Why the politics of the ‘splinternet’ are problematic for business

Increasingly, when it comes to data handling, use, and movement, "different countries are playing by different rules."
12 August 2020
  • The US Secretary of State has spoken of his desire for a “clean internet”, which involves removing “Chinese influence” from the US
  • Increasingly, “when it comes to data handling, use, and movement, different countries are playing by different rules”
  • Data management and international compliance are becoming all the more tricky

The internet is quite something, isn’t it? For every empowering post, there is an instance of “fake news”, for every open debate an inclination to stifle free speech or propagate ‘cancel culture’. The Universal Declaration of Human Rights put forth and celebrated “the right to seek, receive, and impart information and ideas through any media.” This right is becoming cloudy and at an alarming pace.

America’s seeking a “clean internet”

Last week, US Secretary of State Mike Pompeo outlined intentions to remove Chinese influence, and Chinese companies, from the internet in the US, claiming Chinese apps “threaten our privacy, proliferate viruses, and spread propaganda and disinformation.” For Pompeo, ridding the US of these platforms is a step towards a “clean” internet. The irony should not be overlooked that such a shift (should it move from posturing to policy) would lead to a US internet much more aligned with China’s own sectarian vision.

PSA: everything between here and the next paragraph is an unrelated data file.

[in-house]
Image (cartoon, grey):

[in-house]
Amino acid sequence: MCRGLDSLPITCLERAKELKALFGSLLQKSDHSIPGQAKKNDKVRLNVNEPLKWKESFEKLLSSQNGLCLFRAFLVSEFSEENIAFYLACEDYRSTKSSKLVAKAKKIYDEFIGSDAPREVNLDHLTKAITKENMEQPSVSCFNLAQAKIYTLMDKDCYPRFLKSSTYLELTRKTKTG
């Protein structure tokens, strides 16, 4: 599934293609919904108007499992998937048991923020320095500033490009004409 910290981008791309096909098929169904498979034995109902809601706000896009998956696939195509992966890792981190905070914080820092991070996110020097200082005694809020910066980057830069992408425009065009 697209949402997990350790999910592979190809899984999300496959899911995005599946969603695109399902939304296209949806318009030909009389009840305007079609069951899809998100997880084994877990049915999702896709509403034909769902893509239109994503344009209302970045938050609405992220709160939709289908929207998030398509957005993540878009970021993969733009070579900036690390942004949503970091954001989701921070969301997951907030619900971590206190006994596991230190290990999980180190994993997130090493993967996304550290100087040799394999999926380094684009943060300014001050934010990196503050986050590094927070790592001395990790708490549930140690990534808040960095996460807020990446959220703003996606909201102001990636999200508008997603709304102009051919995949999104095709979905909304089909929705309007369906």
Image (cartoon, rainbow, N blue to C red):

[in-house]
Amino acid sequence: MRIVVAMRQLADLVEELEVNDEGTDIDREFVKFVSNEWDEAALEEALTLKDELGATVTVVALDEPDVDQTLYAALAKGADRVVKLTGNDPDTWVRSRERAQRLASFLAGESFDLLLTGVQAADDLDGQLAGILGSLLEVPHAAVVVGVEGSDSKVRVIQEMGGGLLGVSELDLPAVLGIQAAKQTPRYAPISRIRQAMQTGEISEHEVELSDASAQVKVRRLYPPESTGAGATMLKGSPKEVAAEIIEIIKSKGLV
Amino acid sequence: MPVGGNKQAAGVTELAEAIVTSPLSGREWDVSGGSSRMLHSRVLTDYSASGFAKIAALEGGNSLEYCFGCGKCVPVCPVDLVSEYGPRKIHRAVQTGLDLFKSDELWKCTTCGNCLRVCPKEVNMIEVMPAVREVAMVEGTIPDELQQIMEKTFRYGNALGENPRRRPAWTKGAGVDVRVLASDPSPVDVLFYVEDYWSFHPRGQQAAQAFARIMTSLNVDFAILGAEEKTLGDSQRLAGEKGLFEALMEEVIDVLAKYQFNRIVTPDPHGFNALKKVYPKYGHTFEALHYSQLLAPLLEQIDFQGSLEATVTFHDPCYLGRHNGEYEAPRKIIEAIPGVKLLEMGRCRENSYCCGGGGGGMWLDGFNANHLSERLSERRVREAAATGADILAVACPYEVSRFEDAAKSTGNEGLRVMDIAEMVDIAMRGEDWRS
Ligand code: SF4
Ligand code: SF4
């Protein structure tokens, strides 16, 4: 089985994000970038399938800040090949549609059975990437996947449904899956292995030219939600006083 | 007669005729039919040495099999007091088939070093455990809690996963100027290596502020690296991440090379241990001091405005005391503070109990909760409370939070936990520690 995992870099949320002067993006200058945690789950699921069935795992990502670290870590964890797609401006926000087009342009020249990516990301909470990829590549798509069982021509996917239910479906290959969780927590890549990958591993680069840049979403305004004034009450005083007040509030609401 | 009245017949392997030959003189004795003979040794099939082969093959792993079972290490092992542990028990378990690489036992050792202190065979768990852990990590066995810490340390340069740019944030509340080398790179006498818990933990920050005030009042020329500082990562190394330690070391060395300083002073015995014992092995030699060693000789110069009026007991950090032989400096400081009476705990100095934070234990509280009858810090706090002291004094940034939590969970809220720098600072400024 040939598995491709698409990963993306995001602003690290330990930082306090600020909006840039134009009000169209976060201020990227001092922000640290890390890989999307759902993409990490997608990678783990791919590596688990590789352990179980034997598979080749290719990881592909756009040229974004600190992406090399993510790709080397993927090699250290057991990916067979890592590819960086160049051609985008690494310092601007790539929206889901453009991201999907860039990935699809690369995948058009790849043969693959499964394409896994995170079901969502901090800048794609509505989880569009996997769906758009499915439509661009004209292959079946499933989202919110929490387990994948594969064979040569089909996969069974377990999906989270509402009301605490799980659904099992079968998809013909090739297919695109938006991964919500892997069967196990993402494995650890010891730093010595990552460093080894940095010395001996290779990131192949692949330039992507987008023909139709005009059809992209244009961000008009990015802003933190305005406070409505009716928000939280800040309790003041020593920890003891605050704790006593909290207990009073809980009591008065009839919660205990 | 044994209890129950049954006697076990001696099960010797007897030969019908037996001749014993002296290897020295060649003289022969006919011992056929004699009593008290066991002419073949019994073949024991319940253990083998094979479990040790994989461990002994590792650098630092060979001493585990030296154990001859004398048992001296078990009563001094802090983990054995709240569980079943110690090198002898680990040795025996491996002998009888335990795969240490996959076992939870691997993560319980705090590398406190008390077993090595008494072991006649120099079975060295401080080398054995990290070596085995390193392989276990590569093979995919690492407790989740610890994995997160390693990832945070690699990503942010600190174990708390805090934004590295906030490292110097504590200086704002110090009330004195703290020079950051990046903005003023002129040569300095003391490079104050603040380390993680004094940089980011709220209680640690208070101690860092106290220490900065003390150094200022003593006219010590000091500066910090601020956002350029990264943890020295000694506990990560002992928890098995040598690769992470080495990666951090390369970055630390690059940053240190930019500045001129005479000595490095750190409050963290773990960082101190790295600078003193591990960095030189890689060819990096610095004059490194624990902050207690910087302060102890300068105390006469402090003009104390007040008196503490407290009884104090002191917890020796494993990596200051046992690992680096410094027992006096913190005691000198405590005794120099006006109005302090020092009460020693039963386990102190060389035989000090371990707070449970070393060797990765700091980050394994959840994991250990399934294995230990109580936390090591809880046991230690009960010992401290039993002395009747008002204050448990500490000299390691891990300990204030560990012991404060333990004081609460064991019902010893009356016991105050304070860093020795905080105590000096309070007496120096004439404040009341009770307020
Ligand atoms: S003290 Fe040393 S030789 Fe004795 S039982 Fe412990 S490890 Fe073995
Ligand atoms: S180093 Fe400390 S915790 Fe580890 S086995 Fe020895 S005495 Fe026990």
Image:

Many have lamented Pompeo’s call, pointing out that breaking up the global internet – and pushing forward with the so-called “splinternet” – will only serve to heighten geopolitical tensions and perpetuate divides. With China and Russia already operating stringent censorship protocols, what this potential shift from the US has a potentially big impact on the future of the internet.

Source: PNAS

Source: PNAS

Towards the Chinese model of censorship

The “Great Firewall of China” is a prime (and perhaps pre-eminent) example of grand-scale web monitoring/regulation. The US is positioning itself to follow China’s lead. Alan Woodward – a security expert at the University of Surrey – called Pompeo’s statements “shocking”, adding that we’re seeing an era of “Balkanisation of the internet”. But beyond hints of hypocrisy and the powers of protectionism, what are the implications on business?

The fact of the matter is the “splinternet and digital authoritarianism stretch far beyond the populations of these individual countries”.

In 2016, US trade officials accused China’s “Great Firewall” of creating “a trade barrier” (as concisely summarised by former Google CEO Eric Schmidt: “the US will dominate the western internet and China will dominate the internet for all of Asia”). With increasingly undemocratic digital boundaries, businesses are caught in the crossfire, striving to stay afloat amid the corruption of free markets and (again, ironically) rising cyber misinformation.

Credit: AndersonLarkin.com

Source: AndersonLarkin.com